I admit it, I love to visit  Bath! It is a beautiful Georgian city, with buildings of mellow stone with wide windows; home to the Roman baths, Sally Lunn buns and Jane Austen heroines and, though I have walked around most of it, I have never ever seen it from the air!  So, for a recent “significant” birthday, this was where I set off on my birthday balloon flight with Virgin.

We arrived mid afternoon and while my husband watched, I joined my fellow balloonists as we went through the safety procedures and completed our forms. Next, we helped lay out the balloon on the ground, marvelling at the size of it, then, when all was ready, I clambered into the basket and assumed my crouching position as instructed, so that when the basket was righted, I would be sitting nicely in my place.

Eventually when the balloon was inflated and we had the final all clear from air traffic control at nearby Bristol airport, with a few controlled blasts on the burners, we slowly lifted skyward.  Up, up until we were level with the tops of the trees in the park; then up again till we caught the breeze and started to drift ever so slowlyover the city.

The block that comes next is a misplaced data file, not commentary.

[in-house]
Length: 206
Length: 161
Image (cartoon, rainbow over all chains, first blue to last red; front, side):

Looking down was a strange experience. There was no noise, no whoosh of air, but then we were hardly moving  and I suddenly remembered there were no engines either! The pilot was superb, handing out champagne once we were high enough for him to be free to do so, pointing out the sights below, The Circus, the famous Royal Crescent etc etc. He told us of other flights and how he worked out where to land.  He told us about the recovery team that were following below us and lots of other anecdotes.

The time passed slowly as we drifted on, I looked down as a startled deer broke cover and ran across an open meadow to the safety of the trees on the far side.  I watched horses running round a field, kicking and arching their backs as they frolicked about; I saw people washing their cars who waved to us as we went by, some running in for their cameras to capture the moment.  Then, as the sun started to disappear, the pilot starting looking for a landing spot.  We found that it was a bit of a hit and miss affair, as you never know where the wind will take you and the pilot  had to have permission from the owner to land in their field.

Finally, after lots of calls between the pilot and ground support, he found a suitable place to land.  I looked down and saw a group of people gathered round a bonfire in a field behind  a farm building, having a BBQ.  They waved to us very excitedly and motioned for the pilot to land.